Cringe-worthy moment. I watched a role play recently where the rep called his boss, who was playing the buyer, by the wrong name. And then he did it again.
The discomfort, even over a recorded Zoom, was palatable, like watching the most uncomfortable episode of The Office. As it turns out, he was doing it on purpose to make a point about mismarketing.
To quote: “The question now is are they disconnecting?”
It was a bold move, and not one that everyone could pull off. I share this story because it demonstrates this crucial point:
—-> Just say NO to one-size-fits-all coaching!
As a sales manager, you have to recognize each salesperson’s strengths and weaknesses is critical for building a high-performing team.
What this rep was trying out was Level 401 stuff. What this rep needs in terms of skills development and coaching is way different than a rep who is less experienced and confident.
It might seem more ‘scalable,’ but a one-size-fits-all approach misses the team’s diverse skills, experiences and challenges and as such, hinders growth and overall performance.
But developing and executing plans that are tailored to each individual can be very difficult.
- How do we build an individualized plan?
- How do we do this for everyone on our team?
- How do we know when it’s working or not?
Here’s a 6-step guide that might help:
Assessment and Goal Setting:
Identify each salesperson’s strengths, areas for improvement, and personal goals. Collaboratively set goals that align with individual aspirations and team objectives.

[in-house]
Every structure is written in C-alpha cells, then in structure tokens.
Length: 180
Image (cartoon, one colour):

Tailored Development Plans:
Build personalized development plans quarterly. Focus on enhancing strengths while addressing 1-2 specific challenges. These plans can include targeted training, role-playing exercises, and skill-building activities.
Recognize that different individuals respond to different coaching styles. Some may thrive with hands-on guidance, while others prefer a more independent approach. Adapt your approach accordingly.
Leverage data and analytics to gain insights into individual performance. Identify patterns, trends, and areas that require intervention. Use these insights to adjust and tailor accordingly.
Mentoring and Peer Learning:
Encourage peer-to-peer learning and mentorship within the team. Pair individuals based on complementary strengths and areas of expertise. Foster collaborative and peer learning.
Celebrate individual achievements and milestones. Recognizing and rewarding each team member’s progress makes the medicine go down.
Building development plans that reflect the strengths and weaknesses of each person requires more effort in the beginning, but the results are worth it – increased sales performance, improved employee engagement. And when we ask: “Are we connecting?” We can say with confidence that we know the answer.